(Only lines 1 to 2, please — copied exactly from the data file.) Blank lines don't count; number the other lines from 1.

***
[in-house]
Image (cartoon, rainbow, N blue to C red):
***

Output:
[in-house]
Image (cartoon, rainbow, N blue to C red):